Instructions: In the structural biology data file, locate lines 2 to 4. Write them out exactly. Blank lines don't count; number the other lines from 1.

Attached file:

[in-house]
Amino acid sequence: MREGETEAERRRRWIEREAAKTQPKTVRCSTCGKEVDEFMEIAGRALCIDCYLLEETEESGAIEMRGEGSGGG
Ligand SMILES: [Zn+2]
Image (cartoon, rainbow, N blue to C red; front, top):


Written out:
Amino acid sequence: MREGETEAERRRRWIEREAAKTQPKTVRCSTCGKEVDEFMEIAGRALCIDCYLLEETEESGAIEMRGEGSGGG
Ligand SMILES: [Zn+2]
Image (cartoon, rainbow, N blue to C red; front, top):